Eduardo Ortiz sued the restaurant for religious discrimination after he was fired for refusing to work on a Sunday.
Ortiz claimed that when he was hired, he told managers at the Corpus Christi Texas Roadhouse that his religion required him not to work on Sundays. He said the restaurant agreed to accommodate him. But Texas Roadhouse disputed those claims, while acknowledging it routinely scheduled Ortiz to take his days off on Sundays and Mondays.
However, the restaurant said it required all employees to work on Mother’s Day and Father’s Day, two Sundays that are among its busiest days of the year.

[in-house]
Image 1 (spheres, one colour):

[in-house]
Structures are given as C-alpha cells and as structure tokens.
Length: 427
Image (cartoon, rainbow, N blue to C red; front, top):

In fact, Ortiz had agreed to work three previous holiday Sundays because, he said, he was afraid of losing his job. However, on Father’s Day in 2008, he refused to come to work for a scheduled shift. The restaurant fired him, and he sued.
During the three-day trial, restaurant managers testified that Ortiz had agreed to work on the holidays at issue and that the restaurant even allowed him to clock in later than scheduled so he could attend church services. That was enough for the jury to exonerate Texas Roadhouse.
- How to Fire an Employee the Legal Way: 6 Termination Guidelines
- Heard that story of unfair treatment before? You might be dealing with a serial retaliator
- Want severance agreement to stick? Call a lawyer
- Investigate before jumping into action
- Genetic Information Nondiscrimination Act (GINA) Becomes Law